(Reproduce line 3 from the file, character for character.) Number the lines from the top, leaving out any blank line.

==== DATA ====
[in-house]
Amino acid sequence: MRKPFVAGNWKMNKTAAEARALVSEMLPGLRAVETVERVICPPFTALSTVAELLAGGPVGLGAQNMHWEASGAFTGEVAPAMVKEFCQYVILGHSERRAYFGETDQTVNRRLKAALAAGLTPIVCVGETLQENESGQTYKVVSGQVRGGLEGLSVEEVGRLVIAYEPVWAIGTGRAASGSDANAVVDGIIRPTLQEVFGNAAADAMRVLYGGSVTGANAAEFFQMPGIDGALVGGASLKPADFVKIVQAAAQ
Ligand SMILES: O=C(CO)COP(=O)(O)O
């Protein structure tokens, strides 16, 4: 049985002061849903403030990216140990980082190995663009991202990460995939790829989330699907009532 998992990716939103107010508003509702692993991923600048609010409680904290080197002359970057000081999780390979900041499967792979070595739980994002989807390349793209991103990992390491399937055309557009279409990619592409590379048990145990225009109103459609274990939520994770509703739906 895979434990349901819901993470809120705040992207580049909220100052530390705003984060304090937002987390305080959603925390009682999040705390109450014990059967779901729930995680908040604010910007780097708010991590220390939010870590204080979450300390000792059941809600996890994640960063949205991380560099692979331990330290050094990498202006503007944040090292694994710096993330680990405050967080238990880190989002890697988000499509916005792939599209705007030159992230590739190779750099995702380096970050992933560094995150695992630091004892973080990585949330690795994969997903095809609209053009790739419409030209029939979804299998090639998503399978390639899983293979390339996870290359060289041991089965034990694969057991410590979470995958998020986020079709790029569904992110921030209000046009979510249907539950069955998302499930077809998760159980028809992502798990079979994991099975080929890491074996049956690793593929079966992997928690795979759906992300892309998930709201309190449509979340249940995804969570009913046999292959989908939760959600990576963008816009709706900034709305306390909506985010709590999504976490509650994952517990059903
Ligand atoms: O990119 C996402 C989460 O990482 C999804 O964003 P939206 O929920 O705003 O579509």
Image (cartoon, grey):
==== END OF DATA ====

Ligand SMILES: O=C(CO)COP(=O)(O)O